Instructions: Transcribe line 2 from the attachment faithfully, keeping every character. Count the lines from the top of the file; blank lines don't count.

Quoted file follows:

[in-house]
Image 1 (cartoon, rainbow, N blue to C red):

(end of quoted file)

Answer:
Image 1 (cartoon, rainbow, N blue to C red):